Back on the mainland, the region’s cuisine is centered around a surprising homegrown produce – olives. With its balmy Mediterranean-like climate, Kagawa prides itself on its lush olive groves, so it’s common for everything from sashimi to rice to be seasoned with olive oil here. As for historical sites, you’ll learn about the ancient Shikoku Pilgrimage that passes through 88 sacred Buddhist temples – a demanding journey that still attracts a handful of devotees even to this day.

Gifu
Photo: Supparuj Taechatanont/Dreamstime

Gifu

Set in the heart of Honshu, Japan’s largest island, Gifu is just one of eight landlocked prefectures in Japan. The prefecture has a proud history of woodworking and craftsmanship. Carpenters from the town of Takayama were even commissioned to help build the important shrines and structures in Nara and Kyoto during the Edo period, including the former capital’s Imperial Palace. 

You can see Gifu’s exceptional wooden architecture in areas like the storybook village of Shirakawa-go (pictured), a carefully preserved Unesco World Heritage Site which features quaint, triangular thatched-roof houses surrounded by a fortress of mountains. Over in Takayama's historical town of Hida Furukawa, you can explore the region’s heritage architecture in the Hida no Sato open-air museum. Here you’ll discover the significance behind the wooden buildings as well as the traditions that surround the town. 

While the prefecture is full of rural areas, don’t take that to mean there are few activities. Come summertime, you can join boat tours for cormorant fishing along the Nagara river. This traditional fishing method has been around for more than 1,000 years and it is sadly a dying practice. Here fishermen light their wooden boats with torches and guide a flock of trained birds to dive into the water and catch fish by swallowing them whole.

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Miyazaki
Photo: Yyama3270/Dreamstime

Miyazaki

No, not the famed Ghibli animator; we’re talking about the southern Kyushu Island prefecture with its breathtaking natural scenery and tropical climate. Like Okinawa, Miyazaki offers white sand beaches as well as vast caves and gorges to please adventure-seeking travellers.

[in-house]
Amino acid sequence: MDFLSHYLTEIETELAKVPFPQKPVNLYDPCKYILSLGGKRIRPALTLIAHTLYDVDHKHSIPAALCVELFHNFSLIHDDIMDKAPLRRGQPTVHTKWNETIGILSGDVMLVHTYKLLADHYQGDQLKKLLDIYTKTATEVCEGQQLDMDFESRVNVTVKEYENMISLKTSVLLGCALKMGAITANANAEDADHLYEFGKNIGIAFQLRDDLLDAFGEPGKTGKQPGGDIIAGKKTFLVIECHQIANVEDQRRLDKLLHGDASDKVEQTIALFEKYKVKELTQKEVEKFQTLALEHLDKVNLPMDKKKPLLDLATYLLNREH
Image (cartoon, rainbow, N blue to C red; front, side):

One of its most famous attractions is the Takachiho Gorge, which you can float through on a rowboat to admire the gorge’s waterfalls. Also in the Takachiho area is the sacred Amanoiwato-jinja, a shrine tucked inside a rock cave dedicated to the sun goddess Amaterasu.

Close to the coast, you’ll find curious landmarks like the rock formations nicknamed the ‘Devil’s Washboard’ as well as the Sun Messe Nichinan. The latter, a peculiar seaside theme park in Nichinan City, features a row of Easter Island Moai statues. These here are the only officially sanctioned Moai statue replicas in the world. They were presented to Japan as an expression of gratitude for assisting in the restoration of the real statues. 

Ishikawa
Photo: Sean Pavone/Dreamstime

Ishikawa

If it’s Edo-era towns, traditional teahouses and old castles you’re after, Ishikawa is the place for you. This small coastal prefecture on Honshu is small but full of fascinating history, complete with feudal castles, carefully cultivated Japanese gardens, and not to mention, mouthwatering seafood. 

Ishikawa’s capital of Kanazawa is a cultural epicentre as it was one of the richest cities in Japan during the Edo period (1603-1867), full of wealthy merchants and powerful feudal lords. You’ll feel the magnitude of the city’s grandeur from the moment you exit the train station, where you’ll see the magnificent Tsuzumimon Gate (pictured) inspired by traditional Japanese drums.

Like Kyoto, Kanazawa continues to be known for its geisha districts like Higashi Chaya, where maiko (geisha in training) are often seen walking in decorative kimonos through the streets of traditional Edo-period townhouses. Other attractions that have existed since the Edo period include the traditional gardenscape of Kenrokuen and Omicho Market. The latter is the city’s biggest fresh food market and a foodie paradise, boasting some 200 stalls of produce as well as street snacks like golden brown croquettes and oysters on the half shell for sampling on the go. 

Before you leave, be sure to check out Kanazawa's 21st Century Museum of Contemporary Art, most famous for its iconic installation by ​​Leandro Erlich, ‘The Swimming Pool’.